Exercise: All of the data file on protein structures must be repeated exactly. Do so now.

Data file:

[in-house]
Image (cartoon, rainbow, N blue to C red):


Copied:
[in-house]
Image (cartoon, rainbow, N blue to C red):